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Craig von Buseck

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Christians Making an Impact in Hollywood, Part One

Hometown Legend Out on DVD/VHS

Order your copy of Jerry Jenkin's companion novel, Hometown Legend

Check out Jenkins Entertainment Online

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Christians Making an Impact in Hollywood, Part Two

By Craig von Buseck Producer -- The new film, Hometown Legend, from Jenkins Entertainment opens in theaters in Louisville, Nashville, St. Paul/Minneapolis, and Colorado Springs in April. Jenkins Entertainment has signed a distribution deal with Warner Brothers, and they will release the movie to video/DVD in August, 2002. Producer, Craig von Buseck, recently sat down Dallas Jenkins, the producer of the film, James Anderson, the director, and Jars of Clay's Dan Haseltine, who composed the movie's sound track. They talked about the making of this movie -- and the impact that Christians are having in Hollywood today.

Craig von Buseck: I agree that Christians should be out in the forefront making the best stuff. But many times the people who own the studios and the distribution don't want to put out a film with a Christian worldview.

Dan Haseltine: I would disagree, because the world loves redemption. The world loves forgiveness. The world has a very soft place in their heart for stories that have a happy ending.

James Anderson: I think the problem is that when people set out to make a "Christian" film, they've got to get the whole thing, lock, stock, and two smoking barrels. It doesn't happen that way anywhere else but Christianity. I think many groups have found a very solid niche in society because they don't hammer you with the full weight of things. Gay and lesbian issues have found their way into popular culture because they make them seem like they're just the guy next door. They don't hit you with the full weight of what's happening there. You see films that promote Buddhist issues, or other cultural things, and they don't hit you with the full thing. How they get you is with their lowest common denominator. Well, our lowest common denominator is widely accepted principles of love and forgiveness.

The things that Dallas and I have talked about specifically, wanting to improve the culture's view of marriage, having a whole family, how do you deal with love, how do you deal with sex -- and those kinds of issues are very different from what the world wants to be a part of. But we've actually had a very positive response from the secular media to this film because they see that it has so much heart. It's so wholesome, it makes you feel good.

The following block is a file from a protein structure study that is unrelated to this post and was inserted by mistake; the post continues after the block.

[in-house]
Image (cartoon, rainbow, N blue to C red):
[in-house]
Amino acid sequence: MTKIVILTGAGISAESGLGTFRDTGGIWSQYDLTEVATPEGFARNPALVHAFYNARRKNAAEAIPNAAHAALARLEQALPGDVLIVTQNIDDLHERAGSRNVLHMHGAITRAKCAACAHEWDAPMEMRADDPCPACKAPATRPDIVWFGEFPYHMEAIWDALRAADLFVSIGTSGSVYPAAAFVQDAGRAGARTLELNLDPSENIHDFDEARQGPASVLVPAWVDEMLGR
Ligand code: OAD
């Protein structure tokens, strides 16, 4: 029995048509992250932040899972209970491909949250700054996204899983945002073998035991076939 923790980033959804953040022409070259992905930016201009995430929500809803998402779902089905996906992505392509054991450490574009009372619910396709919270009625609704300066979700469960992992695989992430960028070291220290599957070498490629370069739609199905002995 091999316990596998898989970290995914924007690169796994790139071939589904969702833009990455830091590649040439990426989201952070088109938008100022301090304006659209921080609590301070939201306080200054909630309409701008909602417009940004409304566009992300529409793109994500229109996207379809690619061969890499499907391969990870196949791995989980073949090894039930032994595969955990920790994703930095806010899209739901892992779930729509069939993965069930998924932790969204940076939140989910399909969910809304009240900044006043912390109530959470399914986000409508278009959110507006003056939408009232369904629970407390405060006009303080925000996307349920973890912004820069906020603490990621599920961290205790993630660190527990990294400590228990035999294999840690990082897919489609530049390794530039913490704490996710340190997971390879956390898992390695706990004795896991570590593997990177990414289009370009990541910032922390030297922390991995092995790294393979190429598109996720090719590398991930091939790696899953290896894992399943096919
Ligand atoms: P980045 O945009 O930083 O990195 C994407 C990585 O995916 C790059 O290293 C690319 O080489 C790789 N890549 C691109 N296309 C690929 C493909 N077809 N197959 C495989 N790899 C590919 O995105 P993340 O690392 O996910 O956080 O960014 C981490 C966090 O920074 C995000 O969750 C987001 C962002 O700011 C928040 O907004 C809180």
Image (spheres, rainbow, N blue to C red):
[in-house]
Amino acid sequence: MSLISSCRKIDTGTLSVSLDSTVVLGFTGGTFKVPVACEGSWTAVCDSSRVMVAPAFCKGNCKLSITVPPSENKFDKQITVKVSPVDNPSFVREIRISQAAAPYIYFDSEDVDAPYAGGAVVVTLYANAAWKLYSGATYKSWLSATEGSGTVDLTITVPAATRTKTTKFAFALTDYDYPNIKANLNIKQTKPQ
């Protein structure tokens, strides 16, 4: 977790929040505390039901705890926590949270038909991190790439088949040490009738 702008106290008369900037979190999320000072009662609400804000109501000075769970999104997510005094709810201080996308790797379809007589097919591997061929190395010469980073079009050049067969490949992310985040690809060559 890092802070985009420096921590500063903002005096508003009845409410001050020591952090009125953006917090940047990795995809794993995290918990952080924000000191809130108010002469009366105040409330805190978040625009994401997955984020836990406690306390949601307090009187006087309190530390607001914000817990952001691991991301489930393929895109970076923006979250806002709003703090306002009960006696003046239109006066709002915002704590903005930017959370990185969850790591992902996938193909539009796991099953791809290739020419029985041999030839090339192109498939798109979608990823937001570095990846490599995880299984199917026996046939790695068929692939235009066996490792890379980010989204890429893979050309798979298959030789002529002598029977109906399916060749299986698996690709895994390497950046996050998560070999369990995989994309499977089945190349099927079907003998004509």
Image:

Dallas Jenkins: If they feel like you're using them as a means to your own propaganda, they'll say no, because they don't do that for anybody. But if they feel like you're just making a good quality film that's O.K.

Another big point is, Hollywood isn't run by some board of directors who has a list that they allow into the gates. Hollywood is just as open a market as any other business. So one of the things that I always say to Christians who want to get into the industry is, you don't have to buzz at the gate to get in. This is an open market. Do your own. It's not like you don't have the same access to theaters, and the same access to distribution that everyone else has. A lot of it we're controlling ourselves.

Craig von Buseck: So how did you do that? How did you say, wow, this a great script -- it's got a good, positive message, but it's not so "in your face" that people are not going to get behind it who have the money? How did you take that step?

Dallas Jenkins: Well, we put up the money ourselves. We didn't ask for any favors. No on is going to necessarily make things easy for you. We got good actors, a good director, and a good composer, people who were already respected in the industry. And we made a good film, and worked hard, and people in the industry respect that.

We've had the attitude that we're not going to wait for people to do things for us. We're not going to try to always play by someone else's rules. Because we did that I think that we actually got more respect. If you want to have things done for you, you have to make a great movie. You've got to have the same standards they do, and you have to work just as hard as they do.

James Anderson: And Dallas maintained control, and by doing that he was able to insure that the integrity of the project as we first saw it. It would not be compromised by somebody saying, "This is nice, but instead of saying 'dear Lord, we need a miracle' could she just say, 'we need a miracle,' because that will play better." There's nobody saying that because Dallas and his dad kept control and then we can say whatever we want, and nobody's bothered by it. But it's those people that are the gatekeepers that are going to be saying, "You shouldn't say dear Lord."